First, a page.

Lord Richard Dannatt, the former UK chief of staff between 2006 and 2009, has issued a dire warning to the UK authorities about the lack of competitiveness of the British armed forces after years of cuts, which have left them, he said in an interview, unequipped to deal with a hypothetical conflict with Russia. Dannatt added that the cuts pose a risk at a time when the United States wants an ally it can rely on.

Lord Dannatt’s analysis is so negative that he even suggests that the UK would find it difficult to support the US in conflicts such as those in Afghanistan and Iraq today. He added: “The Russians are laughing at us, the Americans are shaking their heads”.

Lord Dannatt said the MoD is bankrupt because of the high cost of the F-35B fighters, which cost $111 million each and up to $125,000 per flying hour. This price tag is so high that the US air force is starting to look for a cheaper fighter jet.

This Tuesday, the Ministry of Defence will announce a major reorganisation of the armed forces. In this context, the former top commander insisted that “the operating cost of the F-35B is the real concern”. He believes that this item will drain the defence budget for decades to come. “Who is the loser? Well, I would say this: it’s the army,” said Dannatt, who predicted that procurement plans for these aircraft will be changed from 138 F-35 fighters to just 48.

Lord Dannatt also said: “There is not much money in the Challenger or Warrior [tank] upgrade programmes, our field artillery has a third of the capability of a Russian formation and we don’t have significant air defence against drones on the battlefield.

There is currently an estimated 10,000 British troops short and defence sources say the army could be reduced to around 72,000 over the next ten years. Dannatt recalled that when the army had 101,800 troops in 2010, “we were able to run two operations simultaneously in Iraq and Afghanistan. Today that could not happen. He added: “The underfunding of the Army’s equipment programme means that our ability to deploy a warfare division is very low to non-existent”.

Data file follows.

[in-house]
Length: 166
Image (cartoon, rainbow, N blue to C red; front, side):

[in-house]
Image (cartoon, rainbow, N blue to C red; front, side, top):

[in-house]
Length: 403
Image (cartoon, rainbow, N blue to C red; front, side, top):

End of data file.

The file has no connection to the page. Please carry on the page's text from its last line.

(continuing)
Recently, the chairman of the US House Armed Services Committee, Democrat Adam Smith, questioned the excessive spending associated with the development of the fifth-generation F-35 Joint Strike Fighter and suggested “stop throwing money down that mousetrap”. “What does the F-35 give us, and is there a way to cut our losses, and is there a way to stop spending so much money on such a low capability?” asked Smith at a Brookings Institution think tank event.

In late 2020, US Secretary of State Mike Pompeo confirmed the deal to sell 50 Lockheed Martin F-35 “Lightning II” fighter jets to the United Arab Emirates (UAE) as part of a $23.37 billion package, a decision that was not to Israel’s liking, even though it recently reached an agreement with the UAE to resume diplomatic relations after decades of confrontation.


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